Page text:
“That’s it! I’ve had enough of you complaining at every meal! Just eat it!” she shouts as she boxes him round the ears and violently shakes him by the shoulders.
I’m as surprised as Ollie at this outburst but I can only shrug as he wails, “Mummmmyyyyy!”
She’s saying everything I think.
“Mum! Why don’t you get more angry with him? Why don’t you force him to eat it? It’s so annoying!” cries Daisy.
“Because I’m in this for the long haul,” I tell Daisy, “Ollie will not be one of these children who leaves home only eating sandwiches. I’m going to keep serving up this food until one day I win the battle.”
Daisy pauses for a second.
“I hate to break this to you, mum, but you certainly aren’t winning at the moment.”
I laugh. She sounds far older than her eight years.
Later, I am sitting on Ollie’s bed while he attempts his Biff & Chip reading book. It has not been the most enjoyable evening. Dinner and the lovely omelette were marred with Ollie’s bleatings. I’m feeling fed up and my back aches. I might just go straight to bed myself. Daisy, who should be in her own room, suddenly enters.
“I think we should end the evening on a high,” she announces. “Mum, would you like a back massage?”
She has already laid out a mat on the landing. I don’t need asking twice.
“I need £1.50 to buy my next Sylvanian Family so I’ll give you a 15 minute massage, 50p for every five minutes.” she says, brandishing a piece of paper with her calculations on it. We shake hands on the deal.
Ollie feels lonely on his own so we move the mat into his bedroom, giving Daisy the dual job of massaging whilst trying to teach Ollie phonics.
“Remember that’s a split digraph, Ol, so the ‘a’ in cake sounds like an ‘A’.”
I’ve got a degree in linguistics but it still sounds like a foreign language to me.
When the fifteen minutes is up, Ollie leaps out of bed to continue where Daisy has left off. He wants no money for it. His hands are a bit small for massage so he progresses on to doing my hair. It’s most enjoyable until he says,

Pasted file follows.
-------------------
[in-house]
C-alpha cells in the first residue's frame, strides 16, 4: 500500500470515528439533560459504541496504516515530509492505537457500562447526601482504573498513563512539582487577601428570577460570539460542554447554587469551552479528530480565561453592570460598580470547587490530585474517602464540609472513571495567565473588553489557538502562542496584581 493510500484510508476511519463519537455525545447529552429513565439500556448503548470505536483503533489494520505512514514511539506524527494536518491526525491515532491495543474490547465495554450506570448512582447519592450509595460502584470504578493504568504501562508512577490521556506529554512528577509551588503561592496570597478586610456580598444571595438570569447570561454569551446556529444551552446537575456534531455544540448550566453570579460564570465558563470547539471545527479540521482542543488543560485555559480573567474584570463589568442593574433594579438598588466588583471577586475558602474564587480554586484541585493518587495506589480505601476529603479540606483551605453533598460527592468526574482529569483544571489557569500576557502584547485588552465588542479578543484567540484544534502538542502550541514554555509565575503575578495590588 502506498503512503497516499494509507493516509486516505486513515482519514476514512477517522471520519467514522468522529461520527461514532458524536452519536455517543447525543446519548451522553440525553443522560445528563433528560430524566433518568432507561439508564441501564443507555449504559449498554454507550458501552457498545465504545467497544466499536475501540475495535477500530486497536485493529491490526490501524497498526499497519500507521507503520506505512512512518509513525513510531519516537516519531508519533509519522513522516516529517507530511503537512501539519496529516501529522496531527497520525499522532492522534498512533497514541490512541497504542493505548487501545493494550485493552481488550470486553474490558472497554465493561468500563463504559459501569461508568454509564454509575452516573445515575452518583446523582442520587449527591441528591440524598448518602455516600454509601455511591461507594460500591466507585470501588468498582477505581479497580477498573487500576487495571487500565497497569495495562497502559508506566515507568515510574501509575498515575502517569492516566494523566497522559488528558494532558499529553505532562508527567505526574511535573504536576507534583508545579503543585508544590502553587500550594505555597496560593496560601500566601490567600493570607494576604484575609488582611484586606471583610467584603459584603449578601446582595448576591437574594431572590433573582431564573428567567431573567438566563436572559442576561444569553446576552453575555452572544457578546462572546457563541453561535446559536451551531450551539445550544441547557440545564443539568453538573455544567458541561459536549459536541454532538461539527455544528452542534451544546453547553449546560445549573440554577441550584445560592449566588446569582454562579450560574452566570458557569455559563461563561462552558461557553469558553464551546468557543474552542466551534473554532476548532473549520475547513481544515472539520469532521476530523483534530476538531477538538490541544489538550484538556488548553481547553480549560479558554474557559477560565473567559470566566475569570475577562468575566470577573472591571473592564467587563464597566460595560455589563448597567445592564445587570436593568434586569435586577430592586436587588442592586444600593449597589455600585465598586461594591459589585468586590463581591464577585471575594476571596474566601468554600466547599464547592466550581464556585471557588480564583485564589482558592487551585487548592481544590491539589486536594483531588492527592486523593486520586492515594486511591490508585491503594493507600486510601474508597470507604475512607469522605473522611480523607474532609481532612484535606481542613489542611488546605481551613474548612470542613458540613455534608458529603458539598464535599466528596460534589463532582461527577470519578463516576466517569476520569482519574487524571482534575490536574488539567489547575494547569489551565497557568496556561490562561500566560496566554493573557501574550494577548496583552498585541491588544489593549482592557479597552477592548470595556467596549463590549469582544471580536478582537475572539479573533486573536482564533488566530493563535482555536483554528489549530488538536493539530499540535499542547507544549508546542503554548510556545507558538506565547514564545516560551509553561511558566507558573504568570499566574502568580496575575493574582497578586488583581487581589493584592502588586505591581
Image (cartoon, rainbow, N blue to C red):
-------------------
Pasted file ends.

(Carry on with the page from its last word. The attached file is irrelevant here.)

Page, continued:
“Mum, you’ve got white bits in your hair”.
“That’ll be a bit of dandruff,” I reply.
He seems unsatisfied with this answer and lowers his voice.
“Daisy, come and look at this. I think mum’s got nits.”
“Mum’s not got nits!” booms Daisy, but comes over anyway to carry out a thorough inspection.
“Oh I see what you mean,” she whispers, “it could be nits.”
” I have not got nits!” I protest loudly and sit up.
“Well you have got those little holes on your face,” says Daisy.
“What are you talking about now?” I insist.
What started out as a nice massage has ended in an assassination of my appearance.
” When I look very closely at your face,” says Daisy demonstrating, I can see these tiny holes in your skin just like Miss Jones at school who wears too much make up”.
“Do you mean my pores?” I ask.
“I don’t know what they are,” she says casually, “but if you get close up you can really see them.”
That is why at 10 o’clock at night, I am not in bed as planned, nor watching the next episode of Happy Valley, but am holding a mirror very closely to my face to try and see my massive pores……
This may be to the disapproval of many Spaniards, but the best tortilla recipe I’ve ever found is good, old English Delia: http://www.deliaonline.com/recipes/cuisine/european/spanish/tortilla.html